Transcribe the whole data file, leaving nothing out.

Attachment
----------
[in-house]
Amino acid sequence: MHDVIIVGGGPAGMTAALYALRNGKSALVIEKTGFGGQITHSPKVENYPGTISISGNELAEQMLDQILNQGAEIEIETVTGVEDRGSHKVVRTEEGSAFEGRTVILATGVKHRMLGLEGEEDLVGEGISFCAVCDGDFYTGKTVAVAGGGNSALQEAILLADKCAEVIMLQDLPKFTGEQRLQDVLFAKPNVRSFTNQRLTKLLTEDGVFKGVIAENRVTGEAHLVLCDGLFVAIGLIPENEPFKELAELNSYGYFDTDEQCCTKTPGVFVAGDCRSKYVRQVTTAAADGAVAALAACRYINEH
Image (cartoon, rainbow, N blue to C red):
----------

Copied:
[in-house]
Amino acid sequence: MHDVIIVGGGPAGMTAALYALRNGKSALVIEKTGFGGQITHSPKVENYPGTISISGNELAEQMLDQILNQGAEIEIETVTGVEDRGSHKVVRTEEGSAFEGRTVILATGVKHRMLGLEGEEDLVGEGISFCAVCDGDFYTGKTVAVAGGGNSALQEAILLADKCAEVIMLQDLPKFTGEQRLQDVLFAKPNVRSFTNQRLTKLLTEDGVFKGVIAENRVTGEAHLVLCDGLFVAIGLIPENEPFKELAELNSYGYFDTDEQCCTKTPGVFVAGDCRSKYVRQVTTAAADGAVAALAACRYINEH
Image (cartoon, rainbow, N blue to C red):